HubPages Traffic PixelThis is used to collect data on traffic to articles and other pages on our site. Unless you are signed in to a HubPages account, all personally identifiable information is anonymized.
    Amazon Web ServicesThis is a cloud services platform that we used to host our service. (Privacy Policy)
    CloudflareThis is a cloud CDN service that we use to efficiently deliver files required for our service to operate such as javascript, cascading style sheets, images, and videos. (Privacy Policy)
    Google Hosted LibrariesJavascript software libraries such as jQuery are loaded at endpoints on the or domains, for performance and efficiency reasons. (Privacy Policy)
    Google Custom SearchThis is feature allows you to search the site. (Privacy Policy)
    Google MapsSome articles have Google Maps embedded in them. (Privacy Policy)
    Google ChartsThis is used to display charts and graphs on articles and the author center. (Privacy Policy)
    Google AdSense Host APIThis service allows you to sign up for or associate a Google AdSense account with HubPages, so that you can earn money from ads on your articles. No data is shared unless you engage with this feature. (Privacy Policy)
    Google YouTubeSome articles have YouTube videos embedded in them. (Privacy Policy)
    VimeoSome articles have Vimeo videos embedded in them. (Privacy Policy)
    PaypalThis is used for a registered author who enrolls in the HubPages Earnings program and requests to be paid via PayPal. No data is shared with Paypal unless you engage with this feature. (Privacy Policy)
    Facebook LoginYou can use this to streamline signing up for, or signing in to your Hubpages account. No data is shared with Facebook unless you engage with this feature. (Privacy Policy)
    MavenThis supports the Maven widget and search functionality. (Privacy Policy)
    Google AdSenseThis is an ad network. (Privacy Policy)
    Google DoubleClickGoogle provides ad serving technology and runs an ad network. (Privacy Policy)
    Index ExchangeThis is an ad network. (Privacy Policy)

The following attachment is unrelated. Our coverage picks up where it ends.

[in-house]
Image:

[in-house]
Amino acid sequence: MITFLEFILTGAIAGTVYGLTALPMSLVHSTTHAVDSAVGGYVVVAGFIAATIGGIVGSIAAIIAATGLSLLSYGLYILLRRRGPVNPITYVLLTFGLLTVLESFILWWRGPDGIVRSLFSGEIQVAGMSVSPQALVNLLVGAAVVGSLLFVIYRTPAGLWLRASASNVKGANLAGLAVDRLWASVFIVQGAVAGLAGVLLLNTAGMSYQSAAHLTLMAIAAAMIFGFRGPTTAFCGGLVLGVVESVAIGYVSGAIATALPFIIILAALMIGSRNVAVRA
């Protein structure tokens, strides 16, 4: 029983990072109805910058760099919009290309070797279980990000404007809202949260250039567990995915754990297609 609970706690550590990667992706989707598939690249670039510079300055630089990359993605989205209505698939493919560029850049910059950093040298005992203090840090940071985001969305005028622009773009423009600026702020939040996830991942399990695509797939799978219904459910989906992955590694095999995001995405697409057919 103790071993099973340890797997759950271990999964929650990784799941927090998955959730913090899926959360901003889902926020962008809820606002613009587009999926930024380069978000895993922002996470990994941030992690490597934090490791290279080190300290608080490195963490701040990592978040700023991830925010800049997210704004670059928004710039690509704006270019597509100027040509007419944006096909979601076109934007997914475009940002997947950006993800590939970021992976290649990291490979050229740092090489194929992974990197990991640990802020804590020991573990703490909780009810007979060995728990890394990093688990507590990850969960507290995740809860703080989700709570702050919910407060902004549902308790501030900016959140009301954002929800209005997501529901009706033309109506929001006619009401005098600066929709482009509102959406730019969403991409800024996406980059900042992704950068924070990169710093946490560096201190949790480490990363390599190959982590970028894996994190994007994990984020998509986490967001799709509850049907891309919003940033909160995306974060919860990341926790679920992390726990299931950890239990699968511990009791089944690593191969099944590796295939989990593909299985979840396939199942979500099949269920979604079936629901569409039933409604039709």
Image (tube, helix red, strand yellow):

SovrnThis is an ad network. (Privacy Policy)
    Facebook AdsThis is an ad network. (Privacy Policy)
    Amazon Unified Ad MarketplaceThis is an ad network. (Privacy Policy)
    AppNexusThis is an ad network. (Privacy Policy)
    OpenxThis is an ad network. (Privacy Policy)
    Rubicon ProjectThis is an ad network. (Privacy Policy)
    TripleLiftThis is an ad network. (Privacy Policy)
    Say MediaWe partner with Say Media to deliver ad campaigns on our sites. (Privacy Policy)
    Remarketing PixelsWe may use remarketing pixels from advertising networks such as Google AdWords, Bing Ads, and Facebook in order to advertise the HubPages Service to people that have visited our sites.
    Conversion Tracking PixelsWe may use conversion tracking pixels from advertising networks such as Google AdWords, Bing Ads, and Facebook in order to identify when an advertisement has successfully resulted in the desired action, such as signing up for the HubPages Service or publishing an article on the HubPages Service.
    Author Google AnalyticsThis is used to provide traffic data and reports to the authors of articles on the HubPages Service. (Privacy Policy)
    ComscoreComScore is a media measurement and analytics company providing marketing data and analytics to enterprises, media and advertising agencies, and publishers. Non-consent will result in ComScore only processing obfuscated personal data. (Privacy Policy)
    Amazon Tracking PixelSome articles display amazon products as part of the Amazon Affiliate program, this pixel provides traffic statistics for those products (Privacy Policy)